top of page

A Stock to Play the New Space Race: L3Harris

2021 is shaping up as a tricky one for defense investors. Defense stocks rode a wave of increased Pentagon spending to new highs over the last five years, but with that up-cycle showing signs of fatigue it is time to get picky about what stocks to buy.

The industry saw budgetary headwinds on the horizon, and most companies are well-positioned to survive a change in sentiment coming out of Washington. But with the U.S. government the primary customer, there's limits on what large prime contractors can do other than ride out the storm.

L3Harris Technologies (NYSE:LHX) appears uniquely well-positioned to continue to grow no matter what happens to spending in the years to come. Here's why this under-appreciated defense company is tops on our radar right now.

Better together

L3Harris was formed from the June 2019 merger of Harris Corp. and L3 Technologies, two mid-tier defense contractors that together now have the heft to explore new opportunities and the resources to spread their business globally.

The merger integration is still ongoing, including the divestiture of businesses no longer deemed as vital, but the company appears to be getting the desired results. L3Harris claims it has won 25 awards with a cumulative value of $300 million that neither company could have bid for on its own. One example is a Space Development Agency deal that combined Harris' space payload expertise with L3's onboard space electronics.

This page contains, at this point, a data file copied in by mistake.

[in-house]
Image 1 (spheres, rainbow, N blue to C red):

L3Harris has a heavy emphasis on defense electronics and communications systems. That's not as glamorous as building tanks or fighter jets, but in an increasingly digital world where espionage and counterespionage is critical, it is very important to the Pentagon. About 20% of the company's total revenue is on classified projects, many in space.

The company in its third quarter earnings review said it expects "mid-single-digit" revenue growth in both 2021 and 2022, which would be strong performance in what is expected to be a tight Pentagon budgeting period. By comparison, two of the largest defense contractors, Lockheed Martin and Northrop Grumman, guided for sales growth of 3% and 4%, respectively, in 2021.

Plenty of cash for shareholders

L3Harris has a backlog of about $20 billion in future sales, and a pipeline of $69 billion as of the end of the third quarter. About $20 billion of that pipeline is international, an area where L3Harris post-merger is hoping to use its added scale to expand. The company currently generates about 20% of its sales outside of the U.S., but management has targeted bringing that total to closer to 25% over the next several years.

L3Harris in late October boosted its outlook for full year 2020 margins by 25 basis points to 17.75%, despite COVID-19-related expenses, and management expects that number to get closer to 20% in the years to come.